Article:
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**owenflo****Member**- Registered: 2014-07-21
- Posts: 115

What is the unit of measure for #1-4??????

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**bob bundy****Administrator**- Registered: 2010-06-20
- Posts: 8,354

hi owenflo,

Do you mean these questions?

I have a pizza. The radius is 10 inches long. The pizza was cut into 16 equal slices. When 1 slice was left, my sister and I both wanted it, so we agreed to cut it in half, but I like the crust more than she does, so we decided to cut it the "other way." In other words, the two pieces would not be symmetrical. The inside piece would contain all topping, and the outer piece would contain some topping and some crust.

1. Find the area of the whole pizza.

2. What is the area of one piece of pizza?

3. What is the area of a half-piece?

4. What would the area of the whole pizza be if it were made of half pieces?

The lengths are inches so the areas will be square inches or in.²

Bob

Children are not defined by school ...........The Fonz

You cannot teach a man anything; you can only help him find it within himself..........Galileo Galilei

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**owenflo****Member**- Registered: 2014-07-21
- Posts: 115

Can you please help me with #5 and #10?????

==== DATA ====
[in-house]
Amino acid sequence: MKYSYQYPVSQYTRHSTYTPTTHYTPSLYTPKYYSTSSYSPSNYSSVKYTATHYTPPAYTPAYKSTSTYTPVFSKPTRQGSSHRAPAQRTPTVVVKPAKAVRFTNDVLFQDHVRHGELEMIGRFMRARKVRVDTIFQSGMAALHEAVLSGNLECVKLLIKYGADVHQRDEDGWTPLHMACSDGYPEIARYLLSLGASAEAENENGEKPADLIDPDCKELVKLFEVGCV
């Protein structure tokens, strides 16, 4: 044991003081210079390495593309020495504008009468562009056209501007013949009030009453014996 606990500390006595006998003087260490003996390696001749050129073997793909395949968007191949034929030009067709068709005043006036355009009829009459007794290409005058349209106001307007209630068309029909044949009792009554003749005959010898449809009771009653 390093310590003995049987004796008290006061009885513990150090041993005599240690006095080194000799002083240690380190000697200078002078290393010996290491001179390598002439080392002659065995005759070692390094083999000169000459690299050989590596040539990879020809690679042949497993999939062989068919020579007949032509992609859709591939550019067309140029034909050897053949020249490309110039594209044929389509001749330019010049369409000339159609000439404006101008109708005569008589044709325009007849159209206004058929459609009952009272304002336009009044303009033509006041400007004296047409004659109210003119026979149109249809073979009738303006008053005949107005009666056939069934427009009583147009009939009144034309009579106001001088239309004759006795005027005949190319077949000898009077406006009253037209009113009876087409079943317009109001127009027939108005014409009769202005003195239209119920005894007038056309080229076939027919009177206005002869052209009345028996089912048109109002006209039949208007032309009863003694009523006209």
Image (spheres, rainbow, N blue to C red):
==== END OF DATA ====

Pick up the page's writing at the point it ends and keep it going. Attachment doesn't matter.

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**bob bundy****Administrator**- Registered: 2010-06-20
- Posts: 8,354

The area of a large sector (red area + yellow) is

where R is the large radius

and for the yellow area on its own

where r is the small radius.

If red = yellow

You have been told R so you can work out r from this.

Q10. In order to do this part you must have already done Q6, Q7, Q8, and Q9.

What answers have you got for these?

Bob

Children are not defined by school ...........The Fonz

You cannot teach a man anything; you can only help him find it within himself..........Galileo Galilei

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**owenflo****Member**- Registered: 2014-07-21
- Posts: 115

My teacher is just waiting for question 10... I keep getting it wrong.

Q10

I sent

3/4+1/4=4/4

50^2+30^2=80^2

4/4*80^2*PI= 6400 PI

and she said I am not following your work here fully explain

so please help me

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**bobbym****bumpkin**- From: Bumpkinland
- Registered: 2009-04-12
- Posts: 109,606

50^2+30^2=80^2

Of course, that is not correct.

**In mathematics, you don't understand things. You just get used to them.****If it ain't broke, fix it until it is.**** Always satisfy the Prime Directive of getting the right answer above all else.**

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**owenflo****Member**- Registered: 2014-07-21
- Posts: 115

Can you please help me with Q 10

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**bob bundy****Administrator**- Registered: 2010-06-20
- Posts: 8,354

Please fill in these gaps:

Q6 answer =

Q7 answer =

Q8 answer =

Q9 answer =

Bob

Children are not defined by school ...........The Fonz

You cannot teach a man anything; you can only help him find it within himself..........Galileo Galilei